Greetings from the subterranean sound stronghold that is the Sibin. The air may be finally getting a chill to it, but in The Public Records the temperature is always set to cool. And speaking of cool, we have decided to make this November all about jazz. There is just something about rainy nights, blustery days, and colorful leaves on the asphalt that seem to complement this genre so well.

To celebrate the season, we have just updated our jazz shelf with many new names from all over the chronology and geography of this family of music. We’ll also have a new mix of great tunes coming at you online, so keep your eyes on the website and your ears open for some fabulous new tracks.

What exactly is it that makes jazz jazz? Simply put, it’s what one gets when peoples meet and mix. The melting pot that is America spawned this unique and original music when folk and art music met and fell in love. The folk music of west Africa mutated after its many years in America and in turn spawned blues and ragtime. These then interacted with the folk music traditions of Europeans and also their more rigid structures of military marches and classical pieces to evolve into a musical form that combined styles, structures, and time signatures from around the globe.

After the initial birth of the style around the turn of the 20th century in New Orleans, jazz itself began to branch out across the United States. Each region of the country developed its own version of the genre and what one would hear in Kansas City would be very different than what was being played in New York which would be different to what was developing in San Francisco.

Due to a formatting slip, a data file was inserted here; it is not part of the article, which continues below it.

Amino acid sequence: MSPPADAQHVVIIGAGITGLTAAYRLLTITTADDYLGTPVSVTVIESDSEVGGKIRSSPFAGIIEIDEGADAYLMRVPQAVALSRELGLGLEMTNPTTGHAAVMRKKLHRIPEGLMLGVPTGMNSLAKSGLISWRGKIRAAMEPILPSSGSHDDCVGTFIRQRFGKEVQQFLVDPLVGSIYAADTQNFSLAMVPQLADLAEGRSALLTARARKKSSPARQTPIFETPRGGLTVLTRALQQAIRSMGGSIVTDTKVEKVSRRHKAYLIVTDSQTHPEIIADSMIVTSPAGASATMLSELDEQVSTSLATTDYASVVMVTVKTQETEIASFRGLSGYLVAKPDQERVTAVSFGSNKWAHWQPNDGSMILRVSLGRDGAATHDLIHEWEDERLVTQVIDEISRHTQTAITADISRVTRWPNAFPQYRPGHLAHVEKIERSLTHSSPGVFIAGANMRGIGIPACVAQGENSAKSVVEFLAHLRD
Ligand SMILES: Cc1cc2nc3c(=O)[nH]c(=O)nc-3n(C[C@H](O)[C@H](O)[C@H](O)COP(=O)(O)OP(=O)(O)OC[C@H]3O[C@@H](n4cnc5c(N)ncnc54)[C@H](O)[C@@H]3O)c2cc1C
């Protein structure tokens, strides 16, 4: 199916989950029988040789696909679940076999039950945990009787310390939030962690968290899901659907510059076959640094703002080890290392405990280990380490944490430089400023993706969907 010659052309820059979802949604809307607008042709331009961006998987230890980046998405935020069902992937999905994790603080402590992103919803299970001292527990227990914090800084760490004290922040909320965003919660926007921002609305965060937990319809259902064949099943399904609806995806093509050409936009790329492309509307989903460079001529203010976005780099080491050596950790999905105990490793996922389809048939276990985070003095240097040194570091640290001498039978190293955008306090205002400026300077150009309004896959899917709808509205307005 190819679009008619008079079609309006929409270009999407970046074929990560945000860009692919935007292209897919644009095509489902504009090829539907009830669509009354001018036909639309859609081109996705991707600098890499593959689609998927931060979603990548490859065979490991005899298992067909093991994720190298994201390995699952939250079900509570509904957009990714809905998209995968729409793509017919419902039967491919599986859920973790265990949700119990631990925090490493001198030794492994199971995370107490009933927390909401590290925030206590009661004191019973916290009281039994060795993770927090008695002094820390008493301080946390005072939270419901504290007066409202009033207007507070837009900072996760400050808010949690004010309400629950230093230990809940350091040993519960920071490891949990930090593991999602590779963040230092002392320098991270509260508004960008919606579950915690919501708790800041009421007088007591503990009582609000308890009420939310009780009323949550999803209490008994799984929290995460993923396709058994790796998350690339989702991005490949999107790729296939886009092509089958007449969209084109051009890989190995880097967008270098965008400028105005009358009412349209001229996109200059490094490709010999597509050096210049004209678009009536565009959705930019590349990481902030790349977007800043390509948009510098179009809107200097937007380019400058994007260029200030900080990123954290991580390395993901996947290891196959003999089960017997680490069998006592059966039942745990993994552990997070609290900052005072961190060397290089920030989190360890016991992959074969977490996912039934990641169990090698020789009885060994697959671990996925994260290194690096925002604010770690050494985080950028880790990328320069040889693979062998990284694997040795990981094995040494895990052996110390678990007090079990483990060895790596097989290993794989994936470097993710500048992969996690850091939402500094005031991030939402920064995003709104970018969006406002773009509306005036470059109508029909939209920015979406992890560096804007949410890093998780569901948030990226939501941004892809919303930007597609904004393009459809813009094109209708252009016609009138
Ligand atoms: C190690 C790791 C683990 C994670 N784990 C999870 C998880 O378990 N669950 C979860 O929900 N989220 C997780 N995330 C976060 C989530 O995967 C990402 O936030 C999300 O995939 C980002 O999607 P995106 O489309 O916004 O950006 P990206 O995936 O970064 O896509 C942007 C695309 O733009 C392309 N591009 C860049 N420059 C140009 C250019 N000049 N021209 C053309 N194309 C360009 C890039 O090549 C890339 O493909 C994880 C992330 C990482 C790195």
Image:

With the invention of radio and television, jazz was able to take over the world. From bossa nova in Brazil, the meticulous big bands of Japan, or the super funky scene of Yugoslavia, every culture that encountered the music put its own little spin on it. Despite being called ‘America’s classical music’, what made jazz jazz was the exact opposite of what actually made classical music – all the rules.

The rules of jazz are the apparent lack thereof – one can easily travel from the very precise and tight likes of Cab Calloway and Benny Goodman to the super loose and heady Moondog or funky bumpings of Grover Washington, Jr – the map is endless; however, that whole you-know-it-when-you-see-it pornograhpy stipulation is probably the only one that actually applies to this genre. So despite who may be crooning, tooting, or thumping away at whatever rhythm they choose; when you hear it, you’ll have that a-ha moment and know it’s jazz. That little element that you can’t put your thumb on, but man does it jive!

So get your ears ready for an audial experience and be sure to take full advantage of our magnificent gin collection* as you peruse the jazz shelf and That Awesome Drummer Frank Reeser’s Collection for some brand new tunes to sophisticate your life.

* Fun Fact: Did you know that martinis make jazz go down even easier? It’s true.